Day Traders Diary
The major averages came under pressure on Monday after last week's hotter-than-expected inflation readings sparked a downturn in equity markets. The Dow Jones Industrial Average fell 54 points, as Home Depot and Boeing weighed on the blue-chip index. The S&P 500 lost 10 points or 0.25% as the tech sector pulled back more than 1%. The Nasdaq Composite fell 50 points or 0.38%.
Big Tech quickly came under pressure to start the week, with Apple and Facebook each down 0.8%, Netflix down 1% and Google-parent Alphabet shedding 0.6%. Traders have punished the technology sector in recent weeks amid a broader shift out of growth stocks and into cyclical, reopening trades in energy, financials and materials.
Communication services stocks Discovery and AT&T bucked that trend, both up on news of a merger agreement. AT&T announced Monday that it is in advanced talks to merge WarnerMedia, which includes HBO, with Discovery. The new entity will trade as its own public company.
Wall Street came off one of the wildest weeks of 2021 that saw the S&P 500 fall 4% through midweek amid heightened inflation fears. The broad equity benchmark eventually rebounded and ended the week down just 1.4%.
The tech-heavy Nasdaq Composite, which got hit particularly hard by inflation fears, dropped 2.3% last week. The blue-chip Dow fell 1.1% in that period. All three benchmarks posted their worst week since February 26.
Data last week showed the Consumer Price Index jumped 4.2% from a year earlier in April, the fastest rate since 2008, which intensified fears that the Federal Reserve could be forced to start tapering its easy monetary policy if higher price pressures are sustained.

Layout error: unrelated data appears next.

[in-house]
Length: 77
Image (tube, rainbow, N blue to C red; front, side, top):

The Fed's minutes from its last meeting, which will be released Wednesday, could offer some clues on policymakers' thinking on inflation.
Bitcoin was taken for a wild ride overnight Sunday. Earlier, the price tumbled below $43,000 after Elon Musk implied in a Twitter exchange that Tesla may have dumped its bitcoin holdings. Last week, Tesla said it would no longer accept bitcoin for car purchases due to environmental concerns.
Bitcoin then rebounded some after Musk later clarified in a tweet that the electric vehicle maker "has not sold any Bitcoin." The price was last at $45,505. Tesla stock lost 1.5%.
Elsewhere, the first-quarter earnings season is wrapping up with more than 90% of the S&P 500 companies having reported their results. So far, 86% of S&P 500 companies have reported a positive EPS surprise, which would mark the highest percentage of positive earnings surprises since 2008 when FactSet began tracking this metric.
Walmart, Home Depot and Macy's will deliver earnings on Tuesday.
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